Survey shows Europeans in pain

Monday, October 13, 2003 Posted: 1156 GMT ( 7:56 FACT BOX

Norway: about 30 percent
Italy: 26 percent
Germany: 17 percent
France: 15 percent
UK: 13 percent
Spain: 11 percent

LONDON, England (Reuters) --A third of Europeans suffer pain every minute of their lives and chronic pain accounts for nearly 500 million lost working days a year, costing Europe 34 billion euros, according to a survey published on Monday.<

The poll of 46,000 people across 16 countries found that 19 percent of adults, many aged under 50, were in constant pain, suffering for years without adequate pain relief.

A third of those questioned reported being in pain every minute of their lives and one fifth said they had been in pain for 20 years or more.

Pain management experts say not enough is being done to tackle chronic pain and the isolation it causes.

"Doctors and politicians need to listen to what patients are saying," Dr Beverly Collett, president of the Pain Society, said in a statement.

"Recent research in secondary care pain services has clearly demonstrated that pain in under managed and variably resourced."

The highest prevalence of chronic pain was in Norway where the number of people affected was around a third, or 30 percent, of those questioned. The lowest was in Spain at 11 percent.

In Britain around one in seven adults -- or 13 percent -- suffers from chronic pain. In France the rate was 15 percent, Germany 17 percent and Italy 26 percent.

One fifth of those questioned said they had lost a job as a result of their pain, 21 percent had been diagnosed with depression and 16 percent said their pain was sometimes so bad they wanted to die.

Almost half said they would be prepared to pay every penny they had to rid themselves of the pain.

Rather than simply obey God - JAH

Alice Peterson, 29, was diagnosed with rheumatoid arthritis at the age of 18, blighting her promising future as a professional tennis player.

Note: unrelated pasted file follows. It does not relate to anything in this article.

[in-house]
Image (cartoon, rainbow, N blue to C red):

"All I wanted to do was curl up into a ball, covered in hot water bottles and never wake up again," she said in a statement. "I felt like I was in a dark tunnel with no flicker of light to guide me anywhere."

A quarter of those polled for the research, sponsored by analgesic company Mundipharma, said they felt that their doctor did not know how to control their pain.

Nearly a third of patients said they had not been informed about new methods of pain control and two-fifths of the people surveyed said they felt their pain was still not adequately controlled, despite reporting it to their doctor.

One explanation was that 65 percent of patients had only seen two doctors, who were usually generalists, the study said.

The most commonly used prescriptions were NSAIDS (45 percent) weak opioids (24 percent) paracetamol (18 percent) cox-2 inhibitors (6 percent) and strong opioids (5 percent).

King of kings' Bible - Galatians 5:19 Now the works of the flesh are manifest, which are [these]; Adultery, fornication, uncleanness, lasciviousness,
5:20 Idolatry, PHARMACY, hatred, variance, emulations, wrath, strife, seditions, heresies,
5:21 Envyings, murders, drunkenness, revellings, and such like: of the which I tell you before, as I have also told [you] in time past, that they which do such things shall NOT inherit the Kingdom of God.

The average age of patients was 50. The most frequent cause of pain was arthritis and osteoarthritis, which affected 34 percent of patients.
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